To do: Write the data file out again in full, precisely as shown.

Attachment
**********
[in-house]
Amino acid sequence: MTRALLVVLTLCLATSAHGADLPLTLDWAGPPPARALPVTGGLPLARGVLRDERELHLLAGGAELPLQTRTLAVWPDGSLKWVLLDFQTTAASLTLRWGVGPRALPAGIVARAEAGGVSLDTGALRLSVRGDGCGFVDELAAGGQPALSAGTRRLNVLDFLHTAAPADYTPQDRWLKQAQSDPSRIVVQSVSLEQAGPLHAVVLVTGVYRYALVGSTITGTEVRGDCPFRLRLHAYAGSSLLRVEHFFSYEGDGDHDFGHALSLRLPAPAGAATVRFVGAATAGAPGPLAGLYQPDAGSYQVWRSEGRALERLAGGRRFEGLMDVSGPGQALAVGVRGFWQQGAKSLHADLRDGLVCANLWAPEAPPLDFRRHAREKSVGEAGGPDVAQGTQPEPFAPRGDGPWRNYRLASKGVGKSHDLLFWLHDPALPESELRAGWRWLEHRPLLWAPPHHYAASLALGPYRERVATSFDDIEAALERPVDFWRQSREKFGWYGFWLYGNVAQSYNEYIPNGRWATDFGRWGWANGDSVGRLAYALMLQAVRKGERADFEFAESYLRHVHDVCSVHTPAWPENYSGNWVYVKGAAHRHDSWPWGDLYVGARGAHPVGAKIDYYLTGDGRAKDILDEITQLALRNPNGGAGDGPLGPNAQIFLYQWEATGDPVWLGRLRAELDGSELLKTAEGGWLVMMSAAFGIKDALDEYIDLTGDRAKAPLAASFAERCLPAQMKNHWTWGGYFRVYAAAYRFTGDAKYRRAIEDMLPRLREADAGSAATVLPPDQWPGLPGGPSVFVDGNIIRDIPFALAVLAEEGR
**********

[in-house]
Amino acid sequence: MTRALLVVLTLCLATSAHGADLPLTLDWAGPPPARALPVTGGLPLARGVLRDERELHLLAGGAELPLQTRTLAVWPDGSLKWVLLDFQTTAASLTLRWGVGPRALPAGIVARAEAGGVSLDTGALRLSVRGDGCGFVDELAAGGQPALSAGTRRLNVLDFLHTAAPADYTPQDRWLKQAQSDPSRIVVQSVSLEQAGPLHAVVLVTGVYRYALVGSTITGTEVRGDCPFRLRLHAYAGSSLLRVEHFFSYEGDGDHDFGHALSLRLPAPAGAATVRFVGAATAGAPGPLAGLYQPDAGSYQVWRSEGRALERLAGGRRFEGLMDVSGPGQALAVGVRGFWQQGAKSLHADLRDGLVCANLWAPEAPPLDFRRHAREKSVGEAGGPDVAQGTQPEPFAPRGDGPWRNYRLASKGVGKSHDLLFWLHDPALPESELRAGWRWLEHRPLLWAPPHHYAASLALGPYRERVATSFDDIEAALERPVDFWRQSREKFGWYGFWLYGNVAQSYNEYIPNGRWATDFGRWGWANGDSVGRLAYALMLQAVRKGERADFEFAESYLRHVHDVCSVHTPAWPENYSGNWVYVKGAAHRHDSWPWGDLYVGARGAHPVGAKIDYYLTGDGRAKDILDEITQLALRNPNGGAGDGPLGPNAQIFLYQWEATGDPVWLGRLRAELDGSELLKTAEGGWLVMMSAAFGIKDALDEYIDLTGDRAKAPLAASFAERCLPAQMKNHWTWGGYFRVYAAAYRFTGDAKYRRAIEDMLPRLREADAGSAATVLPPDQWPGLPGGPSVFVDGNIIRDIPFALAVLAEEGR